More Public Service Philanthrocapitalism


Overhearing conversations in a restaurant is impolite. Nonetheless, it’s impossible not to. And far too frequently one hears “the Government must do this” and “the Government should pay for that”. Alas, I do not possess sufficient copies of Thomas Sowell to plonk down on the tables of these statists to change their collectivist tunes. (That’s the last time I book a table at The Gay Hussar.)

In America, philanthrocapitalism is a thing. Over here in the UK we look to Government not the private sector or to public donors to directly fund our key public services. Yes, philanthrocapitalism exists and there are incentives like Giftaid to inspire individual members of the public to cough up for good causes like the church roof appeal and village hall revamp, but the UK tax system – unlike the American one – does not powerfully or significantly encourage large-scale corporate direct giving as the tax alternative it should be.

Well, to be a total hypocrite within three paragraphs, the Government really should.

The current underfunding of the UK Police Force is one such area where funding from private sources should be enabled and encouraged. With Austerity all forces have had to cut police numbers – they spend most of their money on staff costs (wages and overtime), and so have focused on reducing this expenditure in order to cut costs. In some areas, the police are now seriously struggling (some richer neighbourhoods in London have even taken to employing privately-funded street security officers in their place). Although their numbers are rising, the security services too could do with extra cash – as they step up to the plate to stake out and face down the mounting threat from Islamist extremists and other cranks.

Yet there is no police or SIS infrastructure charity – nothing that allows members of the public to privately pay directly for front-line costs (Bobbies on the beat, surveillance centres, more operatives). There are Police Benevolent funds, Police Memorial funds and there’s the Police Mutual. But no mechanism for a business to directly pump donations into front-line services it particularly wants to fund.

Instead we have myopic visionaries like Corbyn urging the Government to raise taxes.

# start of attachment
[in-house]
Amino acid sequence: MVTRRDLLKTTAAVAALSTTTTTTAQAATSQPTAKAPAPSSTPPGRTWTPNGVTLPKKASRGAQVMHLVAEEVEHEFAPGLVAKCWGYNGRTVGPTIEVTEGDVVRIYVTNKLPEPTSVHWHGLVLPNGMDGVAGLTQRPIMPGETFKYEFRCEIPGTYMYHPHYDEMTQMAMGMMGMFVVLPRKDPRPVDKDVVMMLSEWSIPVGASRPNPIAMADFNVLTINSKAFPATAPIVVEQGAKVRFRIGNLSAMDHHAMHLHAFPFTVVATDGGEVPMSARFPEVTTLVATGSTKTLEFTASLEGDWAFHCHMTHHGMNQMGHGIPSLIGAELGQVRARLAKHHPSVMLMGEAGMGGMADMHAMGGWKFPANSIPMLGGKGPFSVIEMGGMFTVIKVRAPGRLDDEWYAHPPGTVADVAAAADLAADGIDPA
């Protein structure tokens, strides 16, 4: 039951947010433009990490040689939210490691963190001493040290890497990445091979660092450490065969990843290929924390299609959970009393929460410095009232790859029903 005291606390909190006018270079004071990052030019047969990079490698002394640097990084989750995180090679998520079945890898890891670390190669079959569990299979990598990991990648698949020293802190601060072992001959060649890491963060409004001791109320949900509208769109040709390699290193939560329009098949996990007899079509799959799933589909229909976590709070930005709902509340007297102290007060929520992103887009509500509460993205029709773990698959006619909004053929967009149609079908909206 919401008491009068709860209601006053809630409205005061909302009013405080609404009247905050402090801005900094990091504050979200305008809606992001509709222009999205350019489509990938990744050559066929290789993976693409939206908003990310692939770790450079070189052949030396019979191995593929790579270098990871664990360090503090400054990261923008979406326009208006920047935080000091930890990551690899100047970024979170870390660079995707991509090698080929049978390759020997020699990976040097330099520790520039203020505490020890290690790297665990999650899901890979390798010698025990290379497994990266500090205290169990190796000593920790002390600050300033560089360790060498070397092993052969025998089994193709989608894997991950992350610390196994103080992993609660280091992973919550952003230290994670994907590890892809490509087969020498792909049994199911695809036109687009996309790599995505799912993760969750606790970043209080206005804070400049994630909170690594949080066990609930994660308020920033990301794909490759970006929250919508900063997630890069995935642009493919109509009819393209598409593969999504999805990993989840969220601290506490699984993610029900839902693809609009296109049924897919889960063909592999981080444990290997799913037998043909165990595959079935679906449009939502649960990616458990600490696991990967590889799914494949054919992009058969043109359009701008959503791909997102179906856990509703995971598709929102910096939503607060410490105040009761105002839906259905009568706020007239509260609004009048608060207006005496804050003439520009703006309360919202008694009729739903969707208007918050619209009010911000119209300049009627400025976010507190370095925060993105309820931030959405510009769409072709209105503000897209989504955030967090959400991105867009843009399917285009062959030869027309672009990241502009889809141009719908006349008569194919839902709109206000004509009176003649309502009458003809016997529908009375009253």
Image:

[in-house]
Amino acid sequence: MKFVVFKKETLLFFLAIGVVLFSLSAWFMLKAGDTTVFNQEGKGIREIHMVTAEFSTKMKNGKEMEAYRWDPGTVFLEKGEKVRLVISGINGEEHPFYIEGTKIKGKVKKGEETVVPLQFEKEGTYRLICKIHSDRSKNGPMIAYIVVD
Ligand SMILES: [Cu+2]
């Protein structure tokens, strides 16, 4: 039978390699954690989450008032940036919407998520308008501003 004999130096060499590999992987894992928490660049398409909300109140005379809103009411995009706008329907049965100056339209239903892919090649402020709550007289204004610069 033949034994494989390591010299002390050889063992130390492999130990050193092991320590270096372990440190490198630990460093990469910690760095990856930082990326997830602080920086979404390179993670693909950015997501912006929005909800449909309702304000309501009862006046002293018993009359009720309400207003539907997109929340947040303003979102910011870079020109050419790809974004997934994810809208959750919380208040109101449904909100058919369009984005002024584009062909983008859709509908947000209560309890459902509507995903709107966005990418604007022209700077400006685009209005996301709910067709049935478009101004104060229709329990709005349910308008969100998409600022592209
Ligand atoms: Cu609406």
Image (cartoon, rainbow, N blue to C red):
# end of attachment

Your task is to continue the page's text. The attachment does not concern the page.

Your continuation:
Private financing of some aspects of the police force have happened. Look at Lord Ashcroft’s ongoing support of Crimestoppers. But today – in an age of crowdfunding and daily sponsored runs and garage sales, at a time when large businesses are sitting on unused capital and pay millions to tax-saving advisory firms – wouldn’t it be wise for direct funding of front-line services to supplement government shortfalls? The marketing benefits for companies supporting front-line services could be huge. OK, the Thames Police launch HMS BHS might well sink but Arcadia Group Firefighting equipment would be put into regular use.

Giving privately – with no strings attached – is a human trait. Private donors do not need to influence public bodies just because they have donated to them. Thus private donors to a police force will not necessarily corrupt that force if enough checks and balances are put in place. If the police reach out with a shopping list, why can’t we raise the money privately so they have what they need without having those funds passed via the Government?

One has to think back to the Victorians – compared to today a small state government (at home of course) – to see ambitious and imaginative philanthrocapitalism and philanthropy at work. Education was a popular cause. Given the squalour of the slums, housing was also a priority for many philanthrocapitalists. The Victorians promoted ‘5 per cent philanthropy’, where donors could invest their money for a good cause while receiving a respectable but below-market rate of return. Comparable sorts of socially responsible investment exist today but it’s directed at charities which do not fund front-line services, except providing certain fortunate NHS Trusts with vital equipment.